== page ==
In this study, we aimed to investigate how pH affects germination, growth-related traits, reproductive investment, pollen production and allergenicity of A. artemisiifolia. We grew plants in controlled conditions in a replicated experimental design and used prediction models to accurately estimate the species performance in relation to pH values (Mohebbi and Mahler, 1989; Robson, 1989; Kidd and Proctor, 2001; Hao et al., 2017). In particular, we used nonlinear models following a sigmoid pattern (i.e., logistic curves) to determine how soil pH affects the germination, growth rate of vegetative traits and reproductive investment of A. artemisiifolia (Yin et al., 2003; Sun and Frelich, 2011; Paine et al., 2012; Chen et al., 2014) and if soil pH has an effect on the pollen allergenicity of the species.
Materials and Methods
Plant Material and Preliminary Germination Test
All the experiments were conducted using A. artemisiifolia seeds collected in a ruderal area near the town of Brescia (northern Italy; N: 45°29′23″; E: 10°11′47″). Seeds were cold-stratified at 4°C for 3 months to overcome seed dormancy and then planted in a tray containing autoclaved natural soil.
Preliminary germination tests were performed at different pH values in 1% plant agar: pH3, pH4, pH5, pH6, pH7, pH8, and pH9 were considered. The pH values were adjusted with 1 mol/L HCl (low values) and NaOH (high values) according to Sang et al. (2011). Before the test, seeds were sterilized in a solution of distilled water added with sodium hypochlorite (NaClO) at 3% for 2 min; seeds were then washed and dried. For each pH, three Petri dishes containing 30 seeds were set up. To prevent contamination and water loss, Petri dishes were sealed with Parafilm. The three replicates of the germination plates for each pH were put in growth chambers (model Sanyo MLR-350; Sanyo Electric Co., Japan), in controlled condition of light (12 h dark/12 h light, 150 μmol m−2 s−1) for 30 days at a temperature of 25°C. Petri dishes were checked under a binocular microscope for germination weekly and seeds were recorded as germinated once the radicle protrusion occurred. At the end of the germination test, a cutting test was carried out on non-germinated seeds to assess the presence of the embryo. Calculations of the final germination ratio did not include non-germinated empty seeds.
Soil Preparation and Plant Growth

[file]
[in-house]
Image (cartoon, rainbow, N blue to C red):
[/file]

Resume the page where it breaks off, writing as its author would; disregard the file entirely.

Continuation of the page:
Based on the effect of different soil pH on the growth of vegetative traits, reproductive investment and pollen allergenicity of A. artemisiifolia was tested in pots in growth chambers under controlled conditions of light (12 h dark/12 h light, 150 μmol m−2s−1; humidity: 65%) at 25°C for 3 months and half (104 growing days), from 9th April to 22th July, 2015. A randomized complete block design experiment with five replicates (number of individuals was limited by the limited space inside the growth chamber) was carried out to examine the effect of soil pH on plant growth.
To reproduce optimal abiotic environmental conditions for the species germination and growth, plantlets germinated in natural soil were transferred into plastic pots (2,000 ml capacity) filled with the same natural soil subsequently arranged at different pH values. Particularly, we used a soil stock collected from an agriculture area highly invaded by ragweed, at Busto Arsizio (Varese, Italy; N: 45°35′59″; E: 8°52′29″), in February 2015. A soil sub-sample was subjected to a physico-chemical characterization at the soil laboratory of the Milan-Bicocca University (see Supplementary Material S1).
We prepared three different soils for plant growth at the optimal pH values selected after the preliminary germination tests on agar: pH5 (acid), pH6 (sub-acid), and pH7 (neutral). To obtain the selected pH values from the natural soil, a liming method was used according to literature (Brown et al., 2008; Thompson et al., 2016). Particularly, calcium hydroxide solutions [Ca(OH)2] was added to the natural soil stock, with a pH value of 5.0, to get two amended soils at pH6 and pH7 (see Supplementary Material S2).